Defense Date


Document Type


Degree Name

Master of Fine Arts



First Advisor

Christiana Lafazani


Davida Rochlin said, “Nobody thought much about the front porch when most Americans had them and used them. The great American front porch was just there, open and sociable, an unassigned part of the house that belonged to everyone and no one, a place for family and friends to pass the time.” The landscape in which those porches existed has changed. Our traditional views of housing and neighborhoods (single family homes with a cul-de-sac at the end) really aren’t the norm anymore. In the last 10 years more Americans have moved to, and are living in cities than in the past (Lamber, Lisa 2012). Currently, 80.7% of Americans live in urban areas, up 1.7% from 2000 (Lamber, Lisa 2012). With this migration, there has been a surge in renovated, multi-family housing. While this does solve the problem of allowing more families to move back into urban areas, these buildings often have no sense of community or neighborhood. You don’t have neighbors, you simply live next to people. The porch used to be a symbol of community, a sociable space. Neighbors would sit outside and watch kids play and catch up with each other. But both technology and our own self-imposed isolations have lead us to slowly loose touch with our physical neighbors. The intention of this project is to create a community, a neighborhood, within a single building housing multiple families through porches and their variations.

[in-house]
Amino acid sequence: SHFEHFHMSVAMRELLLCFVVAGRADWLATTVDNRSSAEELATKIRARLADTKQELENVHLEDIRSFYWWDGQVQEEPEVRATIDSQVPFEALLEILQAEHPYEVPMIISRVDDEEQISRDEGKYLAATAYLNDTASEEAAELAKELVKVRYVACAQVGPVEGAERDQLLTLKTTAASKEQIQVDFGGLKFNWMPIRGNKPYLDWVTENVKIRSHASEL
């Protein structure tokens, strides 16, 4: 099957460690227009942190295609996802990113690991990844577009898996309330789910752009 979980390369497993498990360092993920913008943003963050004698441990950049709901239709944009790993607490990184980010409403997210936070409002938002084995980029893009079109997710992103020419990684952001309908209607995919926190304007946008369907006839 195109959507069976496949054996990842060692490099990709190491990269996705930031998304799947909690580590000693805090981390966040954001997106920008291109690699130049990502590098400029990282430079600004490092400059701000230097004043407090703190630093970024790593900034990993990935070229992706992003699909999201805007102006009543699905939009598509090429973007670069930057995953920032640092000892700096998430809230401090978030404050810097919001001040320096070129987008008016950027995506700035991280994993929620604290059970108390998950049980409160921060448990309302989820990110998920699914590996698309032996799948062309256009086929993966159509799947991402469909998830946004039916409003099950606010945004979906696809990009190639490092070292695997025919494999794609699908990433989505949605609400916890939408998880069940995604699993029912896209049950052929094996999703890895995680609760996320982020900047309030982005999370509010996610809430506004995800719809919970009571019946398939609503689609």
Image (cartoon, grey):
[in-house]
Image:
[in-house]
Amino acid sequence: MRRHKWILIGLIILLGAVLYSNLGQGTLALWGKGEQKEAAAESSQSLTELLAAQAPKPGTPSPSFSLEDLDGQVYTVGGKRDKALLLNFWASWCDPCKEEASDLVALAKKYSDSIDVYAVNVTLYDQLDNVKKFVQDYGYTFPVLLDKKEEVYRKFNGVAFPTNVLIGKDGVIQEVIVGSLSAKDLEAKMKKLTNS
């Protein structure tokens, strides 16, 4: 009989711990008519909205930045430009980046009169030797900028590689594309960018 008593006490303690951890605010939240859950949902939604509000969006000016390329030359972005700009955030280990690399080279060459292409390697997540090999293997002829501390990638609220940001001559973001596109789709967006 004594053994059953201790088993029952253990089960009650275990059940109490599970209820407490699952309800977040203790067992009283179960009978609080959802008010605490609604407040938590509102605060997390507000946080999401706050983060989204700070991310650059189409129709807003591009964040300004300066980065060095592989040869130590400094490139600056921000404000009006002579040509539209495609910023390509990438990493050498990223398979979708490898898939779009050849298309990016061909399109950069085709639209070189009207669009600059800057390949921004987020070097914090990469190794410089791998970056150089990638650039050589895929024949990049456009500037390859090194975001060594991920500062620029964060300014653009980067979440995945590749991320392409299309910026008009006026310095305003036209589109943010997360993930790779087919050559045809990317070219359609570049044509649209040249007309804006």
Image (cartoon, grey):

© The Author

Is Part Of

VCU University Archives

Is Part Of

VCU Theses and Dissertations

Date of Submission

May 2013